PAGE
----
To My Doctor: Thank You for Being a Light in the Darkness After My Diagnosis
I was writing a thank you note for my doctor, but while doing that I thought it might be better to write this piece and dedicate it to her and hopefully other doctors will read it and learn a thing or two.
Dear Dr. W.,
Although you only became my doctor last year, I feel like I’ve known you for a very long time.
You have a very warm smile even while giving me bad news and you’re always reassuring me you’re going to find a way or think of another treatment.
Last year was especially hard on me. Getting a somewhat hard diagnosis was very hard on me and my family. I remember that night while I was in the hospital when I was struggling to accept that this is it, this is how life will be.
You came and explained everything, you gave me options, you said you will contact other specialists to brainstorm with them, but I was still feeling hopeless. As you were leaving you looked back and told me one thing, a single sentence that changed my mindset that day: “I don’t want you to give up, there’s always hope.”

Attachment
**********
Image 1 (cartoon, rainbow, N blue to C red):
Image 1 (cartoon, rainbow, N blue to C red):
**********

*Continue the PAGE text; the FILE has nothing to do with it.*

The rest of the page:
I have dealt with so many doctors, and usually they shrug and move on, just another case and another file, but that night you showed me what a doctor should be. You never gave me false hope, never gave me unrealistic expectations but you promised you will never give up or lose hope, and this is what I needed the most.
You know how when sports teams are in a game and aren’t winning, even after intense workouts, trainings and plans, and their morale goes down, their playing becomes slower or more unenthusiastic? But sometimes, the mere cheering of the crowd, the intensity of the cheerleaders, help them pick up their pace and keep going.
And this is what every patient needs – someone on their side, someone on their team who cheers even when it seems like they’re losing, to show confidence that the fight is their fight, too.
Leonard Cohen said, “There is a crack in everything. That’s how the light gets in.”
And for me this was you, in all the darkness that came across my life last year, you were the light in it.
I knew I had to fight for my kids and my family, and I knew you were fighting with me, you were doing everything you can to help me get through this, or at least find something that can help me manage my symptoms.
Thank you for being a light in the medical world, a world that lacks so much compassion although it was founded on that basis, a world that so often treats the patients as a case, not as a person, a world that needs to be healed itself in order to be able to provide healing for others.
Thank you for taking the time to talk with me about things outside my condition, for checking on my kids, for taking an interest in my work and for sharing recipes with me.
Thank you for being a human before being a doctor.
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Thinkstock photo via DragonImages.